It has been said that the world has changed more in the last sixty years than in the previous six thousand. Such
statements usually refer to the technological “advances” which society at large has experienced and, while some
of these changes have had positive benefits such as in the field of medicine and health care, there are many areas
in which the changes have been decidedly counterproductive. Some of these “advances” have been instrumental in creating an environment which makes “living the Truth” increasingly difficult for brethren and sisters and their families who would desire to live a life of holiness keeping themselves unspotted from the world. This issue of The Lampstand contains a special feature—“Be Ye Holy, For I Am Holy—which addresses a number of matters, most of which are directly or indirectly the result of technological change and endeavours to analyse them from a Scriptural standpoint. A strong and urgent appeal is being sounded by many concerned brethren to “remove not the ancient landmark”and we appeal to all readers to carefully and openly consider the evidence and the appeal.

It is impossible to turn back the clock and live in the proverbial “good old days” and nothing would necessarily be achieved if we could. Solomon was right when he wrote, “Say not thou, What is the cause that the former days were better than these? For thou dost not enquire wisely concerning this” (Eccl 7:10). So it is not true to say that “the good old days” as such, were better, but rather that there were many practices instituted by the pioneers of our movement that we would do well to recreate in our own days. This includes both their positive attitude to holiness and their negative attitude to wickedness and evil. Yes, the world has changed, but the heart of man has not as Solomon continues, “Lo, this only have I found, that God hath made man upright; but they have sought out many inventions” (Eccl 7:29).

The Technological Society

 To what extent have the inventions or devices of our technological society affected our walk in the Truth either for good or ill? When we talk about the effects of the “technological society” we usually think of such things as:-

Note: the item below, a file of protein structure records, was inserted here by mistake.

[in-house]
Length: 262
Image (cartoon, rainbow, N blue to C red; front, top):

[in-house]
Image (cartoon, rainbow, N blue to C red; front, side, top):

• Speed and ease of travel
  • Speed and ease of communication
  • Ready access to the world of entertainment
  • Labour saving devices at work and home.

Of these, the most recent and significant inventions to have an impact on our lives have been the computer in the world of business, communication and entertainment and the television and video in the world of education and entertainment. It has been argued that the actual media (i.e. the television sets and computers themselves) are neither helpful nor harmful, it is the use to which people put them. No one can argue against the pure logic and truth of this in theory, but only a fool would close his eyes to the very great danger that the wrong use of these can pose to the son or daughter of God. The fact is that these devices have been developed by carnal minds for carnal purposes and, as Brother Roberts stated, “Carnal men do not know what carnal nature is … it requires spiritual discernment to be able to know and recognise ‘the flesh’” (The Lampstand Vol 1 page 157). How potentially bad then must some of these “inventions” be, when even carnal men are loudly proclaiming the dangers of television and video in their effects, not just on the minds of children but also on adults. They likewise stand aghast at the monster they have created through uncontrolled access to the (computer) Internet whereby all types of undesirable information can be disseminated through the world wide web at the press of a button on any computer anywhere in the world that is connected to the web. Many brethren and sisters may be unfamiliar with the Internet and think that the only danger would be allowing children to have access to those communications associated with violence, immorality and the like which are readily accessible. Such is by no means the case. Already there is a network of Christadelphians around the world connected to the Internet and communicating with each other concerning ecclesial matters. You might say, “Surely this can be good”. Possibly it can be good, although one would doubt how much inter-ecclesial communication requires the speed and wide distribution of the Internet. The postal system, telephones and fax machines can achieve enough for most purposes and still retain privacy and confidentiality. Unfortunately an irresponsible few are already wreaking havoc through the Internet with their totally uncontrolled and irresponsible comments on topics including the Statement of Faith, the Atonement and Fellowship. Readers unfamiliar with the Internet would be shocked at the volume and nature of material indiscriminately distributed even in recent weeks through the Christadelphian network.